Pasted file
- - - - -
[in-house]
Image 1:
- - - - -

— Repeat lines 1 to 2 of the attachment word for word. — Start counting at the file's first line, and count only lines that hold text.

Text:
[in-house]
Image 1: